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Hello, welcome to today's maths lesson with me, Ms. Jones.

I cannot wait for today's lesson because we're going to be using some new knowledge in order to solve some really interesting problems today.

Before we start though, I've got a little brain teaser for you, a riddle.

Riddle me this riddle me that.

Today's riddle is, what has a head, a tail, but no body? Let me say it one more time.

What has a head, a tail, but no body? Have a think.

Shall I tell you the answer? The answer is a coin, a coin has a head, it has a tail, but no body.

Did you like that one? Hopefully, you can share it with your friends afterwards.

Okay.

Let's get started with today's lesson.

In today's lesson, we're going to be looking at order of operations.

Thinking about whether it matters if we do certain operations in a different order.

And if it does, which one should have priority? So we're going to start by looking at just that, trying to figure out what happens if we change the order of operations, and which order we should be doing operations in.

Then we're going to apply what we've learned to do some problems. Then we've got our task, and lucky you, I've put in an extra challenge today as well.

And finally, we've got our multiple choice quiz.

For this lesson, all you'll need is a pencil and a piece of paper, or something else to write with and write on.

Make sure you're in a quiet place without any distractions, too.

If you haven't got what you need, pause the video now and go and get what you need.

If you're ready, let's get started.

We're going to start with this question.

Does it matter which order we complete operations in in any calculation? Have a think about that.

Maybe it will help if I show you an example.

So let's look at this one.

I'm starting with 4, then I'm going to add 3.

Afterwards, I'm going to multiply by 3, and let's see what that's equal to.

I start with 4, if I add 3, I get 7.

Then if I multiply my 7 by 3, I get 21.

What would happen if we change the order of the items here? See if you can make a prediction.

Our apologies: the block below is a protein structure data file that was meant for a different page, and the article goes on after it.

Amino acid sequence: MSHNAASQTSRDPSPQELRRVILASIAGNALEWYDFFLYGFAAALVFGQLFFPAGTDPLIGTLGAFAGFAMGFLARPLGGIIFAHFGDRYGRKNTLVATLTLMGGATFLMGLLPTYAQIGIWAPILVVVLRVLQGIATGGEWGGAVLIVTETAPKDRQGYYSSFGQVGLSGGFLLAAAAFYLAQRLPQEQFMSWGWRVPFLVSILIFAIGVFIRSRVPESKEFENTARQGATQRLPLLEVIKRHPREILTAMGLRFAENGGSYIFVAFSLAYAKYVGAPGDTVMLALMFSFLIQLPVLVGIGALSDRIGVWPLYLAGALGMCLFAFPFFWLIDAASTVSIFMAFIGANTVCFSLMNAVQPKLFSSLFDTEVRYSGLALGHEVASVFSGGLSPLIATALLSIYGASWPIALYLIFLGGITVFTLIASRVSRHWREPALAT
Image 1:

What would happen if we change around our two blue cards? Let's see if we can find out.

Here, I've changed around my two blue cards, so I'm going to start with 4.

This time, I'm going to multiply by 3.

What do I get? 4 times 3 is equal to 12.

Then I've got to add 3, 12 add 3 is equal to 15.

Interesting.

If I've changed around multiplication and addition, I don't end up with the same answer.

These operations, you can't just change around.

They have to be in a certain order.

Hmm.

So they don't have equal priority.

Wonder why this happens.

So, let's just look at keeping all calculation in the same order, to 4 add 3 times 3.

Now, even then, there's two different ways I could look at this.

I could look at this as 4 add 3 which is 7, then times by 3 is 21.

Or I can look at this as 4 added to, to 3 times 3 which is 9, which gets me 13.

So how do I know which is the correct way? And what's the correct answer to the calculation? Well, there's a certain rule that we need to apply here, and that's that multiplication and division take priority over addition and subtraction.

So it's not just about reading it left to right and doing it in that order, you need to make sure you do the multiplication and the division of a calculation first.

So let's look back at our calculation here.

Before I add on the 4, I need to multiply 3 times 3.

3 times 3 is 9.

So this equation means to be 4 added to 9, and that will get me 13.

Now, this is the only right answer to this equation because multiplication takes priority over addition.

Let's look at a couple more examples to make sense of this.

So here, we have 12 subtract 6 divided by 3.

Have a think about which order we need to do the operations in.